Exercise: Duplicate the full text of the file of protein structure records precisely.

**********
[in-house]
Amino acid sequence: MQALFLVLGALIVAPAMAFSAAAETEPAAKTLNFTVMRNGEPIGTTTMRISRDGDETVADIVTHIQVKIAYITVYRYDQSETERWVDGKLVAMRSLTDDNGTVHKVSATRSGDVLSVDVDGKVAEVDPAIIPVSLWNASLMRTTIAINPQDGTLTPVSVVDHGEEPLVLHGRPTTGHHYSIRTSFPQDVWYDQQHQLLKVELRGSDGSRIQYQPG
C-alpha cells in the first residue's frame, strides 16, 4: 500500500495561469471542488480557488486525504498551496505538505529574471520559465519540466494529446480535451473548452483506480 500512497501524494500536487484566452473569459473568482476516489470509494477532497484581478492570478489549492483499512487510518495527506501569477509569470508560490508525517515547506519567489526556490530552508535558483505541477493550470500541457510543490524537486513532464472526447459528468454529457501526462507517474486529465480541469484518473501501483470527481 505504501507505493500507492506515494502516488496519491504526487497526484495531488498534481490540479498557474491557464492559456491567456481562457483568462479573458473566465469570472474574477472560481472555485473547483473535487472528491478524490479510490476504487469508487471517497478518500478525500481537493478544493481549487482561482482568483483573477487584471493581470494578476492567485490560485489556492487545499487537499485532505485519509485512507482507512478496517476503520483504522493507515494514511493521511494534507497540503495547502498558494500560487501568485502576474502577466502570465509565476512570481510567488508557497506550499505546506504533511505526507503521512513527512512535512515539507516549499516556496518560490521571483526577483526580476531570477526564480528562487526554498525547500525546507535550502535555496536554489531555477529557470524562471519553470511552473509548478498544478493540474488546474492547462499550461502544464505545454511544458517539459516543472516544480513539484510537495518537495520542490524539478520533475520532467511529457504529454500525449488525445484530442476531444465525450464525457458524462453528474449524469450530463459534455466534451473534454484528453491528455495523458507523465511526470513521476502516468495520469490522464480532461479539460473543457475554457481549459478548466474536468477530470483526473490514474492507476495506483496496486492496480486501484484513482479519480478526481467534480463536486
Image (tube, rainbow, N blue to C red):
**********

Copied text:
[in-house]
Amino acid sequence: MQALFLVLGALIVAPAMAFSAAAETEPAAKTLNFTVMRNGEPIGTTTMRISRDGDETVADIVTHIQVKIAYITVYRYDQSETERWVDGKLVAMRSLTDDNGTVHKVSATRSGDVLSVDVDGKVAEVDPAIIPVSLWNASLMRTTIAINPQDGTLTPVSVVDHGEEPLVLHGRPTTGHHYSIRTSFPQDVWYDQQHQLLKVELRGSDGSRIQYQPG
C-alpha cells in the first residue's frame, strides 16, 4: 500500500495561469471542488480557488486525504498551496505538505529574471520559465519540466494529446480535451473548452483506480 500512497501524494500536487484566452473569459473568482476516489470509494477532497484581478492570478489549492483499512487510518495527506501569477509569470508560490508525517515547506519567489526556490530552508535558483505541477493550470500541457510543490524537486513532464472526447459528468454529457501526462507517474486529465480541469484518473501501483470527481 505504501507505493500507492506515494502516488496519491504526487497526484495531488498534481490540479498557474491557464492559456491567456481562457483568462479573458473566465469570472474574477472560481472555485473547483473535487472528491478524490479510490476504487469508487471517497478518500478525500481537493478544493481549487482561482482568483483573477487584471493581470494578476492567485490560485489556492487545499487537499485532505485519509485512507482507512478496517476503520483504522493507515494514511493521511494534507497540503495547502498558494500560487501568485502576474502577466502570465509565476512570481510567488508557497506550499505546506504533511505526507503521512513527512512535512515539507516549499516556496518560490521571483526577483526580476531570477526564480528562487526554498525547500525546507535550502535555496536554489531555477529557470524562471519553470511552473509548478498544478493540474488546474492547462499550461502544464505545454511544458517539459516543472516544480513539484510537495518537495520542490524539478520533475520532467511529457504529454500525449488525445484530442476531444465525450464525457458524462453528474449524469450530463459534455466534451473534454484528453491528455495523458507523465511526470513521476502516468495520469490522464480532461479539460473543457475554457481549459478548466474536468477530470483526473490514474492507476495506483496496486492496480486501484484513482479519480478526481467534480463536486
Image (tube, rainbow, N blue to C red):